My friends. Friends are SO important in life, but there’s only so much that they can put up with. The mental illness isn’t you and you’re not the mental illness but friends can find this so difficult to accept. They worry which in turn makes your relationship suffer due to tension. You struggle all the time and most of the time they don’t know how to help. You get points where you don’t want help, you don’t want people, you don’t want life. You ruin things for people because of your mental illness – even if you don’t intend to. You eventually become happy, carefree but this in itself carries risks and they don’t want it. They get angry, perhaps even upset and you feel a burden, you feel guilty, you don’t want to live anymore.
My freedom. Mental illness prevents you from thinking clearly. It doesn’t allow you to do whatever you want. “That will make you anxious,” “Going out will make you suicidal.” It stops you feeling social so that you end up sitting in your room by yourself. You need to think things through more to see whether or not your mental illness is going to take over. Can I walk down a street? Can I drink alcohol without dangering my life?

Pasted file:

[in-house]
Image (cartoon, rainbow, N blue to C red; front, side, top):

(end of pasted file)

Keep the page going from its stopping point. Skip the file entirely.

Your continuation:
Relationships. “Can I be with someone who has a mental illness?” “How do I explain to this guy that I have an invisible illness?” Relationships are so hard but can be so necessary in mental illness. They provide peace, contentment and happiness, but when you first meet someone bringing up mental illness can be difficult. Most people don’t want to have deal with it – its too complicated.
21 years old, blogger at Saving Savannah, author of Smiling Through Recovery, youtuber at Becoming Autism, mental health campaigner.
Experience and history of Major Depressive Disorder, Anxiety disorders, Anorexia Nervosa, Sensory Processing Disorder, Autism Spectrum Disorder, Attention Deficit Disorder and Type 1 Diabetes
Follow me on my journey to discovery and life at savingsavannah.org
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